Drifting… Reflection; on Ian Penman’s “It Gets me Home, This Curving Track”

“One morning you awake and all the time has melted away: no more hotel bedroom afternoons, light moving like seaweed over the pale impersonal walls. All your life, dreaming of the other side of the mirror, where the colours all reverse, and now you finally remember what it was you saw in that dressing room mirror, so long ago: clouds, full of rain.”

Ian Penman’s new collection of writing, what feels like an exquisitely chosen sequence of essays already published elsewhere but here forming so many cross-continental, cross-colour threads; a slight volume, it feels perfectly formed in its open ellipsis, dicing repeatedly with characters who we like to think of in trite, closed-off semiotic terms, as icons. Indeed, the subjects of the essays here read when listed off like a dusty pantheon, a museum of objects no longer invested with any kind of current or force today, devoid of lasting tension or relevancy. Elvis? Sinatra? Mod? Surely all bygones, remnants kept by rusty elders in the shed, mouldering in a box for the last decade?

What is absolutely remarkable about Penman’s approach here is that these symbols, characters, icons, subject elsewhere to text after bulging text of fawning empty platitudes and heritage fluff [let’s be honest, do we really gain anything from one more write-up going on at length about “iconic musical genius” or “trailblazing influence” et cetera], open up into a complex mesh of uncomfortable and uncertain threads, here emerging as pathetic man-children and there as existential melancholy personified. Above all it must be noted that on even the most surface level consideration, Penman’s is some of the most essential and electric music writing around at this current juncture, and that is despite his status as an “elder” of the British music press by this point. While younger writers toil ceaselessly at outlets like Pitchfork churning out barely-readable attempts at ego-fulfilment-fantasy, Penman’s work, while undeniably rooted in his own predilections, practically rolls off the page in a cascade of riveting prose, something which barely conceals the glint of a hard-edged analysis.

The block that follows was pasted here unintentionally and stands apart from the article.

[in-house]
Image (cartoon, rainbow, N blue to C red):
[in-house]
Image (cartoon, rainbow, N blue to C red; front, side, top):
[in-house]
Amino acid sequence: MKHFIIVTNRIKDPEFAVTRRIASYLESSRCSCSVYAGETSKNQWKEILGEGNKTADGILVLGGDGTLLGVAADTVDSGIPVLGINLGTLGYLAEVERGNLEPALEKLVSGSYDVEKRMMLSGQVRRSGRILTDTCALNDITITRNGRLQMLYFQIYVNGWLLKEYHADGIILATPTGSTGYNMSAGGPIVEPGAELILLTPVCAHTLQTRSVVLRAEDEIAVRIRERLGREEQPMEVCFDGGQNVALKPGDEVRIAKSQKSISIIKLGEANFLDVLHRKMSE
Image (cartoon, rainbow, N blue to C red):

Indeed, links can be drawn here to Barthes and Derrida, even if they don’t appear in the text itself. Instead of explicit reference or extensive footnotes, here these influences are implicit, woven into the text but never weighing it down. James Brown as a figure is dissected as a mess of contradictions and unresolved tensions, between his militaristic approach to his music and image, and the lack of control over his own impulses. Everywhere here we find such tensions, whether it be between the perfectly groomed set of signifiers of their iconic status and their unavoidably unpleasant personal behaviour or for example between the modernist, pan-european hipness of Mod as an emerging phenomenon and its current iterations as saccharine, empty, postmodern shell.

It would be easy to simply tie the essays together through the “Home” of the title, but this seems to do it something of a disservice. Ostensibly what emerges is what Penman describes as a “cross-colour” collision of culture, a threading together wherein Black and White commingle and again move across the Atlantic. Within this however we find that symbols like Mod and figures like Elvis must be unwrapped, prised open into their component parts. Yet what we hope to achieve with such dissection, a closure, to finally uncover the core nugget of “soul”, leave bare the “me” underneath the constructed persona, or retrospective vision. Thankfully, or not depending on your disposition, the opposite occurs here. Instead of the pretence of some questionable uncovering of the true spirit of Sinatra, we find Sinatra from the ready-and-set-showman-glitz-mafioso-darkness dualism that we all know, fan out into into a cornucopia of unfinished sentences/an intermingling of threads.